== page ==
Love and Death
Nobuyoshi Araki is best known for his erotic photographs of women in bondage. Japanese bondage is different than Western bondage in its knotting and aimed to arouse specific points upon the body.
Araki was fascinated by the tension between Eros and Thanatos, so it can be said that the very essence of his practice is a state of human being from the perspective of sexuality and desire.
The book Love and Death covers a number of over three hundred photographs, so this monumental survey provides a thorough selection of his most important photographic series.
Featured image: Nobuyoshi Araki – Love and Death. Image via amazon.com
Marketplace of Emotions
The book titled Shijy, which is freely translated as Marketplace of Emotions, presents two hundred photographs arranged in form of contrasting pairs. Similar to his previous books, Araki juxtaposed photos to differing themes.
The publication includes images which are the remains of a movie footage Araki made in the 1970s. Since the movie was not stored properly, the photos show severe damages, as well as traces of smoke or soot. These purpose violent treatments reflect the best Araki’s comprehension of mortality.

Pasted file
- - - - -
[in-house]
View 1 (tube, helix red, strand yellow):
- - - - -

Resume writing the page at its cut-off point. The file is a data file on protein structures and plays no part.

Featured image: Nobuyoshi Araki – Marketplace of Emotions. Image via auction.catawiki.com
Araki by Araki
This particular retrospective publication titled simply Araki by Araki shows the domains of the artist on five hundred sixty-eight pages. It was fully edited by Araki himself and was initially published as a limited edition. It underlines a variety of his occupations from Tokyo street scenes, faces, and foods, over colorful and sensual flowers to female genitalia and the Japanese art of kinbaku, or bondage.